By: Stephanie H. Morris, MM, MT-BC, NMT
As a music educator, as well as a board certified music therapist, I thought it might be interesting to jump into some music education research this month for a glance at music educator’s views of individuals with disabilities and the challenges they face in the music classroom.
Mr. Abramo is an assistant clinical professor at the University of Connecticut, Storrs. I read this article in 2012 when I was in the middle of my master’s degree and highly interested in how music therapy impacted school districts across the United States. Surprisingly, Mr. Abramo did not mention music therapy in this article. I wrote a letter to the editor of the journal citing that fact and questioning why Mr. Abramo did not identify music therapists as professionals available to music educators. My letter and his response were both printed in the December 2012 edition of the journal.
For this post, however, I would like to give a brief overview of this article for the benefit of those interested Mr. Abramo’s research on the “current trends in disability rights… [and] how society’s view of disability influence the music education of students in need of special education services (Abramo, 2012, p. 39). Mr. Abramo wanted to assist other educators in his field on how to navigate the options available to educators who want to assist their students with disabilities.
In recent months, my posts have been primarily about research studies that included either qualitative or quantitative data. Those studies have involved subjects or participants who met specific criteria for the study. The study included results, graphs or figures assisting the reader in understanding not only how the study was conducted, but also what important findings came out of the study. This particular article has none of these characteristics because it is a survey. It gives a detailed description of what is available to educators working with students who may have some type of disability participating in their music education program.
Mr. Abramo gave a brief background on disability rights highlighting the Rehabilitation Act of 1973, the American Disabilities Act of 1990 and most importantly the Education Act of All Handicapped Children Act of 1975, now known to most as the Individuals with Disabilities Education Act (IDEA) of 1990. He identifies the requirements of this piece of legislation requiring an Individualized Educational Program (IEP) for students receiving special education services. He states, “These law have had positive effects on the actions of society, schools, teachers, and students (Abramo, 2012, p. 40).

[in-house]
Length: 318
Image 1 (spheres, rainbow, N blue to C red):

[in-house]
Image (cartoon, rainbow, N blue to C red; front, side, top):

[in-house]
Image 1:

Abramo (2012) also discusses the differences between the medical and social models of disability in part of his article. This was his major argument for leaving out music therapists as a resource in the school environment. He noted that the American Music Therapy Association, of which I am a member, noted that music therapy is identified as a “health profession” on our website (www.musictherapy.org). While this post’s focus is not to debate why or why not he decided to not mention therapists as a resource, this portion of his article highlights the differences between those who view a disability as a medical condition verses the “social stigma and ‘unofficial’ barriers that sometimes inhibit individuals from becoming full members of society” (Abramo, 2012, p. 40). I appreciate that he included this as a help to his fellow educators. His first figure included a list of resources for educators needing to adapt an instrument for a student. Since many educators do not receive training in this area, I am sure many found this to be a valuable resource.
Another large portion of this article discusses what is now known as “people-first language”. This is simply asking us as a society to think of the person first and the disability second. Instead of saying, “there is an autistic person”, one would say, “There is a person with autism”. This sensitivity to how we refer to someone with a disability removes stereotypes and shows dignity and respect.
Abramo finishes his research with a rather large list of resources for the music educator that include some resources for special education law, general resources on special education in music as well as specific music education resources for specific disabilities. He also encourages music educators to view “disabilities from the social model perspective [because it] allows teachers to approach this task in new ways by looking at disability and impairment as separate” (Abramo, 2012, p. 45).
Mr. Abramo’s article gives a good overview of some important information needed in the music education classroom. Having taught elementary music for seven years prior to working on my Masters in Music and refocusing my career in the area of music therapy, I know first hand the challenges music educators face in regards to the inclusive classroom. It is my hope that as the field of music therapy grows that more and more school districts throughout the United States will see their area of expertise as a valuable resource for assisting students in the educational arena. Music therapists cannot only assist music educators, but classroom teachers to enhance student learning.
Abramo, J. (2012). Disability in the classroom: Current trends and impacts on music education. Music Educators Journal, 99(1), pp. 39-45.